Graduations might be one of the worst “bests” of watching our kids grow up. As time passes, those sweet little chubby hands that you couldn’t seem to keep clean but also couldn’t resist holding and kissing will soon be holding high school or college diplomas — moving on to the next exciting and uncertain chapter. As our “babies” get ready to graduate, we as parents experience many mixed emotions. As a mom, I sometimes feel heartbreaking nostalgia and sadness as I say goodbye to the sweet, uncomplicated innocence of my daughters’ childhoods. This tendency to fixate on the past can threaten to overshadow the future blessings that await our children.
As we approach and accept the move to something new, we as parents can be hopeful and prayerful that our kids will continue to grow in virtue their next chapters. What are some important virtues or good moral and spiritual habits that we hope to see developed in our kids? For me, I ask God to bless my daughters with faith, humility, joy and courage, just to name a few. The Communion of Saints offers lots of wonderful models of these virtues.
Here are a few notable spiritual “rock stars” we might consider turning to in intercessory prayer and maybe even introducing to our kids as we excitedly embrace or perhaps begrudgingly approach graduation season.
Blessed Carlo Acutis displayed so simply but so beautifully the virtue of faith. Many may not know of this modern-day, soon-to-be saint. Carlo was a Catholic Italian teenager who died in 2006 from leukemia and was recently beatified in 2020 in Assisi. Though a pretty typical teenager who loved computers and soccer, Carlo was quietly but consistently holy even from a very young age. After he made his first Communion, he went to Mass as often as he could, made Holy Hours before or after Mass, and even went to confession weekly. In addition, Carlo asked his parents to take him on pilgrimages to the places of the saints, and the sites of Eucharistic miracles.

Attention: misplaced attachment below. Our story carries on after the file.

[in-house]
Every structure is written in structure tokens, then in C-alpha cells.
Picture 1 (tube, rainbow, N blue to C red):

Carlo knew the Catholic faith wasn’t limited to worshiping and loving God, but also meant treating others with love and compassion. He was known for defending kids at school who got picked on, especially disabled kids. And when a friend was struggling as a result of his parent’s divorce, Carlo made a special effort to include his friend in the Acutis’ family life. The powerful witness of faith by this young boy impacted those around him, particularly his parents, who though not especially devout in the beginning, grew in their love and practice of their Catholic faith. Finally, Carlo used his interest and love for all things computer related to build a website cataloging and promoting Eucharistic miracles. On the site, he told people that “the more often we receive the Eucharist, the more we will become like Jesus so that on this earth we will have a foretaste of heaven.” What a gift to all of us Carlo is — as a “normal” but steadfastly faithful young person of faith.